Quote Originally Posted by Nowhere Man View Post
    The patients in this trial will be chronic & complete (Asia A)? I wonder if there are any chronic & complete animal studies using this treatment that would justify using these patients.

    Now you say:
    Who in their right mind would go from straight from the drawing boards to a human clinical trial, without any relevant animal studies? What company would waste tens of millions on a human trial without a successful animal trial? None.

    You must have found that they did not do animal trials, or you are saying that maybe they didn't, and you want to crucify them because you don't know for sure that they did?

    Nice attitude about research.
    Last edited by khmorgan; 05-18-2014 at 04:02 PM. Reason: Add explanation

  3. #3
    Quote Originally Posted by Nowhere Man View Post
    This is a general opinion of mine and not directed at any specific human trial:

    You gave the logical answer. You wouldn't let a lack of efficacy in chronic, complete human patients stop you from starting other trials in different injury types. My point is that current trials in chronic, complete SCI are not about efficacy in any meaningful way, they are truly about safety. Sure, if it shows some signs of efficacy it would be great for the given company, but that's not what the trial is about. They're about safety. Essentially, we chronic & complete human patients are just the guinea pigs to make sure there are no harmful effects.

    My main concern is that the chronic, complete patients are putting their bodies at high risk and are wasting their time (months) just to prove safety of these cells. If each patient knew that going in, then I have no issues with that (maybe they do know). It's a free society. However, most SCI are not knowledgeable in the science arena and drool at the term "stem cells". They are unaware of what they are and what they can do. They probably think that they might get substantial recovery, even though there is absolutely no animal study to justify that thought. Especially those within a few years of injury. Meanwhile, the chronic & complete population get all sorts of hope that a human trial is underway that is testing on someone with their injury type; unaware that it is basically just for safety and that there has been no efficacy shown in chronic, complete animals, nor is that the company's goal to achieve. I'm not saying this is the case in reality, but I'm saying that it worries me that it might be the case.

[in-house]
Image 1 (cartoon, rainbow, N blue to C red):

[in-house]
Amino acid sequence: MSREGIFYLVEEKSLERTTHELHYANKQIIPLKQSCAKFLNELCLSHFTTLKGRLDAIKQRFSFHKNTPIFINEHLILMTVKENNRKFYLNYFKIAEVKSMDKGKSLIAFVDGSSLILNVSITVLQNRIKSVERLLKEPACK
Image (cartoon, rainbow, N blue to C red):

If companies actually wanted to try to treat the human chronic & complete population, why not do an animal study in chronic & complete animals first? (Maybe they have but had no positive results.) We know it can be done. Who in their right mind would go from straight from the drawing boards to a human clinical trial, without any relevant animal studies? What company would waste tens of millions on a human trial without a successful animal trial? None.
    Seems like you are proposing a lot of hypothetical situations there...are you asking me in particular a specific question, or just making a statement in general?

  4. #4
    Quote Originally Posted by khmorgan View Post
    Maybe I'm missing something you are saying, but all human trials consist of 3 phases. See http://www.fda.gov/drugs/resourcesfo.../ucm143534.htm

    Phase 1 studies are usually conducted in healthy volunteers. The goal here is to determine what the drug's most frequent side effects are and, often, how the drug is metabolized and excreted. The number of subjects typically ranges from 20 to 80.
    (In other words, is it safe.)